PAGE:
Even when the connection is too tenuous for a voice call, the HMS radios can still send text messages and automatic data updates, like the real-time position of friendly troops on a digital map. As Harris and his brigade commander moved out in opposite directions, he said, they dropped out of voice communications, but they could still see the locations of each other’s troops and text reports on the progress of their attack. By contrast, sending text and data isn’t an option at all on analog radios.

A communications relay drone, known formally as a Variable Height Antenna.

Data Overload & Dispersion

While the new digital network solves some tactical dilemmas it also creates new ones. For starters, not every soldier needs all that data or can cope with the potential information overload. While Harris’s battalion experimented with giving the digital map to team leaders – junior non-commissioned officers leading three other soldiers – they ultimately decided those young soldiers need to keep their eyes on their gunsights and their surroundings, not on a screen.

“I love the fact that we can pull this PLI [Position-Location Information], but at the team and squad level, they’re in the breach; they’re the ones that are going to close that last 100 meters to win the fight,” Harris told me. “The last thing I want is their face in their [device]. I want them focused on that close-in fighting.”

The other dilemma has to do with how you spread out your troops, Harris told me. To get the maximum range out of a mesh network, you ideally want squads strung out in a line, so each can relay to the next. But that’s a very vulnerable formation, allowing the enemy to concentrate their forces on one squad at a time and overwhelm it. For combat, you want to concentrate your squads at a handful of decisive points – but then the network may not be able to cross the gaps between those points. So commanders must juggle a constant trade-off between dispersing soldiers to relay communications and massing them to fight.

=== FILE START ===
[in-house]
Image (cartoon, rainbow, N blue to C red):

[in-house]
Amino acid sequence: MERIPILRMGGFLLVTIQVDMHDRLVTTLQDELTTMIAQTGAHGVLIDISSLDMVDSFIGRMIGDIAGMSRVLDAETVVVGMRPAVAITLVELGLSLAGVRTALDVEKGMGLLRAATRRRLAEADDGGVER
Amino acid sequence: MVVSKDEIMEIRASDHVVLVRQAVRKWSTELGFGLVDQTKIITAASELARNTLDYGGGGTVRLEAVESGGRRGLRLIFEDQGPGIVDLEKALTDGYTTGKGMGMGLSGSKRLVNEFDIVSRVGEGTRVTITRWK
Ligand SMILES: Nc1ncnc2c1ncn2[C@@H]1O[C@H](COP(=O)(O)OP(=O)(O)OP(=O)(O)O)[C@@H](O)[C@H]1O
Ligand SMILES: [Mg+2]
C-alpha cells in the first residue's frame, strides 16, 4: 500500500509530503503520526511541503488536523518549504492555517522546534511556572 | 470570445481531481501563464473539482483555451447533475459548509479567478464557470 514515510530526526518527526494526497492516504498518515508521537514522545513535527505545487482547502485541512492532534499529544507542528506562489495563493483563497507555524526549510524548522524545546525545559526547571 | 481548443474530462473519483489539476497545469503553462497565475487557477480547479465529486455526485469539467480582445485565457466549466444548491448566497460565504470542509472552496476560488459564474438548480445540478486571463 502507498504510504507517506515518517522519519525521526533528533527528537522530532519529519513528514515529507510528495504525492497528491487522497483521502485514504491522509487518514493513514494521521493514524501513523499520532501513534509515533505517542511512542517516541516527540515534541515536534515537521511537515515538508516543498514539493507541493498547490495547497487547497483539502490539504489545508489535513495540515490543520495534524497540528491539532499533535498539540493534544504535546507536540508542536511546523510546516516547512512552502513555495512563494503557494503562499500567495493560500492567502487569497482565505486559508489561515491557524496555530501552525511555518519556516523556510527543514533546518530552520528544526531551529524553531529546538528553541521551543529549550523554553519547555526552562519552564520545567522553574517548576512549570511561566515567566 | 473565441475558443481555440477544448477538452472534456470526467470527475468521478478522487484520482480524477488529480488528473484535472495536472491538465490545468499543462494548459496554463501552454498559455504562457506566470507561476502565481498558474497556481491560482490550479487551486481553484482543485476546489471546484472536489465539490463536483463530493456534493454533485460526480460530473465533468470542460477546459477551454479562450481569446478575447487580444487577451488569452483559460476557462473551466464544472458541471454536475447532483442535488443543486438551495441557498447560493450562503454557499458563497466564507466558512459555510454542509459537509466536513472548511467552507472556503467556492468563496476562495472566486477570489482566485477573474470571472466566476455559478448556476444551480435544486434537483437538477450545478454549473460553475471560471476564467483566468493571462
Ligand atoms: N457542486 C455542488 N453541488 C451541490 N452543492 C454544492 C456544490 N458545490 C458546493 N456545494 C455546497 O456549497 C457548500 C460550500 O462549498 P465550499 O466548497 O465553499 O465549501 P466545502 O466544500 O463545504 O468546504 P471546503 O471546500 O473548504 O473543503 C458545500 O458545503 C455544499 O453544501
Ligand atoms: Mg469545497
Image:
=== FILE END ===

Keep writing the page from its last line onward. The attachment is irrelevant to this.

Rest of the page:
Now, there is a way to extend the network’s range to cover wide gaps without stringing out squads. Officially called the Variable Height Antenna, it’s actually a tethered drone that hovers 200 feet in the air and relays transmissions. During the JRTC wargames, Harris told me, the VHA drones let him talk to another battalion 30 km (19 miles) away.

The problem with the drone, he said, is the bulky communications kit that it requires: four big boxes, each of which requires two men to carry it. So while it is possible to air-drop the VHA with the very first wave of paratroopers, you’d have to dedicate a full nine-man squad to hauling it around instead of fighting. Instead, Harris decided to hold off on bringing in the system for 72 hours, until he controlled an airfield where transport planes could fly in both the VHAs and Humvees to carry them.

A paratrooper uses the digital network to track units’ maneuvers.

Train Up

All told, the new network is much more powerful than old-school FM radio – but it’s also much more complex, so troops need much more training to get the most out of it.

“it’s not the same as the legacy comms when you just grab your [radio], you plug it in, you turn the dial, and you get ready to talk,” he told me. “You’ve got to be training with this capability, you have to – because if you don’t, then you’re going to miss out on some of the great capabilities that it has and you’re just not going to be able to use it effectively.”

That’s not just training communications specialists, Harris emphasized, but regular users and, above all, the unit’s leaders. “I’m talking battalion command teams, brigade command teams, company command teams,” he told me. “Every leader has to understand the capability of this set.”